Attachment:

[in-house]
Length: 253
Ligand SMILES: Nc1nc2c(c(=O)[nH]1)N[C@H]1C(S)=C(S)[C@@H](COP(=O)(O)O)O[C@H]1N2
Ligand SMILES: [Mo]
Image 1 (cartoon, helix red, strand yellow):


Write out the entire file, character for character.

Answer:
[in-house]
Length: 253
Ligand SMILES: Nc1nc2c(c(=O)[nH]1)N[C@H]1C(S)=C(S)[C@@H](COP(=O)(O)O)O[C@H]1N2
Ligand SMILES: [Mo]
Image 1 (cartoon, helix red, strand yellow):